If you want to build a successful team for your business, you need to avoid the five causes of team dysfunction. Patrick Lencioni, a leadership expert and organizational consultant, shares the five team dysfunctions and what you should do about each.
- Absence of trust. “Team members need to be able to admit their weaknesses and mistakes, to acknowledge the strengths of others, and to apologize when they do something wrong.”
- Fear of conflict. “Great teams argue. Not in a mean-spirited or personal way, but they disagree when important decisions are made.” Avoiding conflict only leads to mediocrity.
- Lack of commitment. “When team members openly share opinions on a decision, they don’t wonder whether anyone is holding back. When the leader has to step in and make a decision, team members will accept that decision because they know their ideas were heard and considered.”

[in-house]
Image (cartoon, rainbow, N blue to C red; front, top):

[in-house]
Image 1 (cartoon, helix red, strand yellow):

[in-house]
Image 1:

- Avoidance of accountability. “The best kind of accountability on a team is peer-to-peer. Peer pressure is more efficient and effective than going to the leader, anonymously complaining and having them stop what they are doing to intervene. Members of great teams confront each other when they see something that isn’t serving the team.”
- Inattention to results. “Team members have to be focused on the collective good of the team. Too often, they focus their attention on their department, their budget, their career aspirations, their egos. Great teams put the tangible results of the team ahead of their individual needs.”